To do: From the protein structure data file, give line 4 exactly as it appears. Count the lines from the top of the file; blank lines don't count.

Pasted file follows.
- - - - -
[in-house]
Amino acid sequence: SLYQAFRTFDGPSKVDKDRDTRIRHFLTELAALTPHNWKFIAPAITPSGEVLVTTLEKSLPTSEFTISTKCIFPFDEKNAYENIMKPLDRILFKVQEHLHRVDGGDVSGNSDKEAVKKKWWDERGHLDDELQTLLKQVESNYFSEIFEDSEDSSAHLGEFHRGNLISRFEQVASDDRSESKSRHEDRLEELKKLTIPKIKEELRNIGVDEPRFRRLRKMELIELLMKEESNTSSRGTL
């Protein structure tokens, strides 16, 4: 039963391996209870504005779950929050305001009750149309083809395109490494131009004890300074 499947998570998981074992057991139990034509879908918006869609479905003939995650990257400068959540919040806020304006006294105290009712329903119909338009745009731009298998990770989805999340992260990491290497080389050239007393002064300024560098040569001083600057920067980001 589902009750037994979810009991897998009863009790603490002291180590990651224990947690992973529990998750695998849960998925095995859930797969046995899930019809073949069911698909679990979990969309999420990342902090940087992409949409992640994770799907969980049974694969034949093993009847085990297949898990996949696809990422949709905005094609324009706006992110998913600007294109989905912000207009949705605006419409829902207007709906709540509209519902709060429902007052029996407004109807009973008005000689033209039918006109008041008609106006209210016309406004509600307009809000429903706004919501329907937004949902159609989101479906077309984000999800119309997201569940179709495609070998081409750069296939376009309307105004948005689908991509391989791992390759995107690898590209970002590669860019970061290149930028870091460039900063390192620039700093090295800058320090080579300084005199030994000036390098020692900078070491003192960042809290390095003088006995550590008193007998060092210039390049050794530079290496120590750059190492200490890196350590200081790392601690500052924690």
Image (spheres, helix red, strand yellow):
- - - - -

Image (spheres, helix red, strand yellow):